The President thanked the new ambassador for Germany’s contribution to the tourism industry and its assistance in dealing with environmental problems.

The current issues facing the Maldives young democracy were also discussed.

“Highlighting the political, social, and fiscal challenges being faced in the country today, President Waheed underlined the importance of conducting capacity building programmes for the youth. He noted that such programmes would in turn solve the unemployment issues in the Maldives,” read a release on the office’s website.

Social issues were also discussed when the President welcomed Karin Hulshof, UNICEF’s Regional Director for South Asia.

Waheed briefed the director on the steps being taken to meet the UN’s Millennium Development Goals whilst Hulshof emphasised the importance of raising drug awareness within the school system.

In a busy day, the President also welcomed US Ambassador Michele J. Sison who was briefed on the measures being taken to increase security and safety in the country following the murder of MP Dr Afrasheem Ali.


SE Asia should focus on keeping kids HIV-free: WHO

HIV/AIDS is shifting profile from a “life-threatening emergency to a manageable chronic disease,” finds an annual report on the Global Response to HIV/AIDS.

The report was released in honor of World Aids Day on December 1, 2011 by World Health Organisation (WHO), United Nations Children’s Fund (UNICEF) and Joint United Nations Programme on HIV/AIDS (UNAIDS) in collaboration with international partners.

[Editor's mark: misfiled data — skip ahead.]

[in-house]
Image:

The report analyses the health sector’s prevention, treatment and care to those infected in low- and middle- income countries using data through 2010. Among the recommendations for South East Asia was to eliminate childhood infection by 2015.

“We must learn from our experiences, and work to ensure that no child born gets infected with HIV,” Dr Samlee Plianbangchang, WHO Regional Director for South-East Asia, said in a press statement.

As of 2010, 16 million people out of South East Asia’s population of 593 million had been diagnosed with HIV/AIDS. But statistics suggest a synchronized solution. Over the preceding decade infection rates in South-East Asia declined by a sharp 34 percent while the number of people receiving treatment increased ten-fold.

“We are coming out of a transformative decade for the HIV/AIDS epidemic. With innovative treatment regimens, improved health services as well as political commitment, HIV-positive people who are on treatment are living longer and better lives,” Plianbangchang said.

As WHO pushes South-East Asia to eliminate the disease it makes children a priority. Towards that end, an initiative to eliminate new paediatric HIV infections and congential syphilis by that date was launched this year.

Meanwhile, less than one in five pregnant women in the region do not have access to testing facilities, and two out of three infected pregnant women do not receive anti-viral prophylaxis.

Historically the Maldives has been minimally affected by HIV/AIDS, however social trends are putting the population at risk.

Between 1991 and 2006 only 13 HIV cases were reported among Maldivians, compared to 168 among expatriate workers. Of the Maldivian cases 10 were sailors, two were spouses, and one was a resort worker who had traveled abroad; 11 cases were male, and all patients cited heterosexual transmission as the cause.